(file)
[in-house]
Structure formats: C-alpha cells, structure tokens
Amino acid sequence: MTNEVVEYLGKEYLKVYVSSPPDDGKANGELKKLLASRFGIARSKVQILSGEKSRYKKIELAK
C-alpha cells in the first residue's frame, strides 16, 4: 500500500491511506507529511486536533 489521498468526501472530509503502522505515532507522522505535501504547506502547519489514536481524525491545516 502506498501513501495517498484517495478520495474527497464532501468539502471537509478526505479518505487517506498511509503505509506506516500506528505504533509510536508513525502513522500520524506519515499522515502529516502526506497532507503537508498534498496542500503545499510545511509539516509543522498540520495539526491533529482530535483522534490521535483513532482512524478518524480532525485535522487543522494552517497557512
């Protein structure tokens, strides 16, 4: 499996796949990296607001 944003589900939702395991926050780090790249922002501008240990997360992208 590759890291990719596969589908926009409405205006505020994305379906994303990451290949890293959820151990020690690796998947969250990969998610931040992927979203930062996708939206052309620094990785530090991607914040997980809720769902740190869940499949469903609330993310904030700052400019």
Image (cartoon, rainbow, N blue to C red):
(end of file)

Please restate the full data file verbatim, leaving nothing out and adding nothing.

[in-house]
Structure formats: C-alpha cells, structure tokens
Amino acid sequence: MTNEVVEYLGKEYLKVYVSSPPDDGKANGELKKLLASRFGIARSKVQILSGEKSRYKKIELAK
C-alpha cells in the first residue's frame, strides 16, 4: 500500500491511506507529511486536533 489521498468526501472530509503502522505515532507522522505535501504547506502547519489514536481524525491545516 502506498501513501495517498484517495478520495474527497464532501468539502471537509478526505479518505487517506498511509503505509506506516500506528505504533509510536508513525502513522500520524506519515499522515502529516502526506497532507503537508498534498496542500503545499510545511509539516509543522498540520495539526491533529482530535483522534490521535483513532482512524478518524480532525485535522487543522494552517497557512
């Protein structure tokens, strides 16, 4: 499996796949990296607001 944003589900939702395991926050780090790249922002501008240990997360992208 590759890291990719596969589908926009409405205006505020994305379906994303990451290949890293959820151990020690690796998947969250990969998610931040992927979203930062996708939206052309620094990785530090991607914040997980809720769902740190869940499949469903609330993310904030700052400019």
Image (cartoon, rainbow, N blue to C red):